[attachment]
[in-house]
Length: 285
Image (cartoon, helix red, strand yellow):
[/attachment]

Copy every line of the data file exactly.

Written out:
[in-house]
Length: 285
Image (cartoon, helix red, strand yellow):